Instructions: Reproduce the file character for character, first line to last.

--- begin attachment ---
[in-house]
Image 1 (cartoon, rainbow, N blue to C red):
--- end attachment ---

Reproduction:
[in-house]
Image 1 (cartoon, rainbow, N blue to C red):